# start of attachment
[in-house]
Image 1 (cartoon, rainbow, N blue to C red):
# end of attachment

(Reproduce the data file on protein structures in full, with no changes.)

[in-house]
Image 1 (cartoon, rainbow, N blue to C red):